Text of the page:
text and photo © Jonathan Zap
All of this assumes that you need, and are willing to be on, a quest, a focused life mission. Certainly there are other valid life stances — some prefer unstructured being time, some a largely interpersonal or social fate, and many prefer the easy going, take it as it comes approach to life. There are light and dark aspects of all the stances. For example, the quest can easily become a hyped-up form of male adolescent energy that refuses to grow up, or it could be the path of a Warrior with heart.
The most crucial and core form of courage is the will for ruthless and compassionate self-examination. If you don’t have the courage to face your inner demons, then you will fight them in the outer world as phantoms. The mixed case of this is when the phantom gets projected onto an actual outer world demon that must be confronted. This situation requires subtle discernment to perceive the phantom aspects of such confrontation. On the wrong side of this is a tendency toward grandiose and inflated proclamations versus the distinguishing aspect of a Warrior with a capitalized “W” — a commitment to life affirming transpersonal aims. Lower-case warriors are either mercenaries or the brainwashed dupes of a military-industrial complex, fundamentalism, unthinking nationalism or some combo thereof. To be a Warrior with a capital “W,” one needs ruthless self-examination because you must first notice all the many ways in which you have been made a puppet before you are capable of that rare quality called “free will.” To be a Warrior you need free will. As a warrior (lower case) you can be quite fearsome, your titanium alloy exoskeleton can bristle with weapons systems, but as a warrior you live your inner life on the outside only, and this makes you an automaton. A Warrior (upper case), however, can have a thought like Stephen Daedalus, “History is a nightmare from which I am trying to awaken.” A Warrior can be a cognitive rebel working in isolation, or someone called to physical action in the world. The transpersonal cause served by the Warrior must have a moral aspect. Of course a moral relativist will insist that the moral aspect is entirely context specific. But a person in life energy and with access to global intuition is capable of distinguishing a qualitative difference between, for example, the intense physical courage of a Panzer Tank commander, who serves the pseudo transpersonal aim of expanding the fatherland with great determination and efficiency, with the moral courage of someone who is self-honest, who seeks to do service for others and faces down inner and outer forces of resistance and oppression. This moral aspect could be found in the physical/moral courage of someone who is defending against tyranny on whatever scale (from backyard bully to rogue nation-state) and also (whether we agree with the stance or not) in the physical/moral courage of a pacifist making a stand in a dangerous situation.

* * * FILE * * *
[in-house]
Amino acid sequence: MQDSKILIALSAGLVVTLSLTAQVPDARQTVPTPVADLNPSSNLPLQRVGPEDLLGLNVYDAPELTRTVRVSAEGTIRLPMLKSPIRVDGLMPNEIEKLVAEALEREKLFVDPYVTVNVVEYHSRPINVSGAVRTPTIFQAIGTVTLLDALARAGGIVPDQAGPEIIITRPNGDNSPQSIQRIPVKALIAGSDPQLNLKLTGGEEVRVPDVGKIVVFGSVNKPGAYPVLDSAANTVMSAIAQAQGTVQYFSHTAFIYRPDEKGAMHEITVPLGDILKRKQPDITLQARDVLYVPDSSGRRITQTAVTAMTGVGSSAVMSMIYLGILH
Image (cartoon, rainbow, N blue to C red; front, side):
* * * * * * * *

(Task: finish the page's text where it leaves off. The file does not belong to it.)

To be a Warrior means locating your True Will and the transpersonal aims you are willing to serve on your life mission, and then summoning your quest courage to take impeccable action despite resistance, stress and danger.